The Editors’ Choices are chosen from the submissions from the previous month that show the most potential or otherwise earn the admiration of our Resident Editors. Submissions in four categories — science fiction chapters, fantasy chapters, horror, and short stories — receive a detailed review, meant to be educational for others as well as the author. This month’s reviews are written by Resident Editors Leah Bobet, Jeanne Cavelos, and Judith Tarr. The last four months of Editors’ Choices and their editorial reviews are archived on the workshop.
I like the title of this story, and I like the concept. Bargaining with Death, trying to cheat Death: it’s classic.
As for the luck of the submission draw so far, it’s always good to remember that it is mostly luck. A well-crafted story still has to stand out among a crowd of others, and then it has to hit the editor and the publication just right. The only way to succeed is to keep trying.
I do think it was a good idea to submit the story to the workshop. It’s a good start, but there are a couple of things that might work better with another round of revision.
The author’s note mentions that the story has been edited to bring down the word count. That was well done. I would suggest pruning even further, to tighten and focus the prose.
There’s quite a bit of repetition, information that’s duplicated within sentences and paragraphs and from one scene to the next. Some of it is necessary; the story needs it in order to move forward. Death says, “You’re going to die today.” Austin answers with some version of “Hell, no.” The evolution of his responses from flat refusal to negotiating terms is crucial to the story.
At the same time, this kind of repetition needs to be just right—not too little, not too much. It can be tempting to double and triple down. For example, at the beginning:
That can’t be possible. Because if Death is here, that means Austin is going to die.
Nope. No way. Not true.
Not ever, if he can help it, and especially not today.
It might be more effective to cut this sequence down to a single line, or at most two, and reduce the number of Nope-words to two or three. Get us into the story, and let the Nopes build up over the course of the narrative.
There’s a tendency to say the same thing several times in slightly different ways:
“You’re not a person.” Even though she looks like one. Like a teenaged girl, maybe a year or two older than himself. Like someone on the brink of living her life, about to get out there and experience the world. It makes it easier to think of her that way, like she’s just another teenager, no different than him.
I would cut the four sentences of narrative to one. Focus on one or two details that are directly relevant at this point. Try to vary these from one paragraph to the next.
Watch for repetitions of ideas, phrases, concepts. How impossible the situation is. How she looks—her hair in particular, and her cowl that keeps slipping in the same way, with the same phrasing. If you say it once in the right place, it will resonate through the rest of the story. You won’t need to say it again unless it’s relevant to what’s happening right then and there.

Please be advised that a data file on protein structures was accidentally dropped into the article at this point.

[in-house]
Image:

Another thing to watch for is stage business: characters’ actions, their body language, what they do as they speak. I am a fan of well-framed dialogue; I like to see how characters move, how they express themselves in actions as well as words. But, as with repetition, a little goes a long way.
Note how many things Death and Austin do in this paragraph:
“Stop!” His voice echoes off the walls as he turns his back on her, does his business. His hands are shaking, and he has to pause long enough for the adrenalin to fade before he can zip up. She slides off the sink, waits while he washes his hands. She hands him a paper towel, and he mutters, “thanks,” under his breath.
Action piles on action, detail on detail. How much of it do we absolutely need to know? Try cutting the paragraph in half. Focus on one thing Austin does that sums up the rest, and likewise, one thing Death does—I would pick her handing him the paper towel. Is it essential that we know where she’s sitting, that she slides, that she waits? Or can we pick that up by implication, as he shakes and fumbles?
Lana has one hand out, and when Austin just stares at her, she wiggles her fingers. He curls his fingers around hers. She’s so much smaller than him, her skin pale against the deep brown of his own. Her touch is warmer than he expects, and she squeezes firmly.
The level of detail is cinematic, but is it necessary? Do we need to be reminded again that she’s smaller than he is? Which of her multiple gestures is most important here? Choose one or two, and let the rest happen in the background. If you’ve chosen well, the reader will pick up on them. That’s the magic of the writer’s craft.
— Judith Tarr